President Obama is approaching the end of eight years in office, with no signs of stopping his impact on American culture. Just yesterday a live-stream of the hit musical Hamilton was broadcast by and from the White House. House of Cards combines the Obamas’ sociocultural appeal and the Kennedys’ air of hallowed mystique to create context for the Conways. They’re a bit like the Obamas, minus the good intentions, but certainly with Joe Kennedy’s zeal. Frank and Claire can’t top that. They’re by comparison old. But they are veterans, and they’re smart. And, as Claire tells Frank, they’re willing to do what no one else will.
I want to mention two more things that I think are crucial for the show’s success this season. The first is a flashback, all the way to 2013, to newly elected President Garrett Walker’s (Michel Gill) New Year’s Eve party. In a weird social media move the Conways decide to make public everything they do on their phones, including old videos and photos. The party is where the new governor of New York State first met Frank. Hannah Conway is pregnant with the couple’s second child; both she and her husband look apple-cheeked with promise. Frank and Will trade sly barbs about ambition and the executive branch. It was strange to see that Frank: he hadn’t yet been betrayed by the new administration, so here he’s brimming with enthusiasm and, I daresay, has a spring in his step. Claire alerts Frank to this video off Will Conway’s website. I thought it rather charming that despite their reconciliation, they sleep in separate bedrooms and ring each other on the phone.
But Frank’s not on the phone. He stands in Claire’s doorway, and says, “We’re going to destroy them, aren’t we?” She smiles thinly, confident. “Yes we are.”
The second: Hammerschmidt—aided by Danton, Walker, and Jackie Sharp (Molly Parker)—breaks a massive story about the Underwoods’ corruption. Pressure mounts to a degree that, to anyone else, would feel unstoppable. Frank is pessimistic, and there’s a Lion in Winter atmosphere to things. Claire, once again proving the catalyst, tells Frank that they should create time. And “more than chaos.” Frank is quizzical, leans forward, then understands. “War.” “Fear,” says Claire. It will be swift, brutal, total. “I’m done trying to win over people’s hearts.”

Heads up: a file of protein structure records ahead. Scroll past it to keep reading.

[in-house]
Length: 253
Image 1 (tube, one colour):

It’s possible that this story development will be an intense, non-comedic version of the diversionary tactics in Wag the Dog. But at the end of the last episode, Claire and Frank are the only people who don’t look away from the gruesome beheading of an ICO hostage. As the Situation Room recoils, the Underwoods are pure steel—the steel that, as Frank reminds Claire earlier in the season, they’d created so successfully when Walker betrayed them—unmoving, unflinching. The camera zooms in, till it’s just the pair in the frame. Equals, sitting evenly next to one another, absolute partners in absolute power. “That’s right,” says Frank, “we don’t submit to the terror.” He looks at Claire, who joins him in breaking the fourth wall. “We create the terror.”
Does this mean Claire will regularly take breaks to narrate the couple’s villainy? Or was this a one-off? Creator Beau Willimon departed at the end of season four, so who will handle this narrative transition? What I do know is that I do not want season five of House of Cards to be less terrifying than reality. I’m delighted to root for a fictional couple on TV if the couple in the actual White House are not Donald and Melania Trump. If there is a god, or even a patron saint of television, please: give us another great season, and be kind on the first Tuesday in November.